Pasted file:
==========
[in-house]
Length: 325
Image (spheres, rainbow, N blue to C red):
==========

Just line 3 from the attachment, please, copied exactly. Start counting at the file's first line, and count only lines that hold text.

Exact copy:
Image (spheres, rainbow, N blue to C red):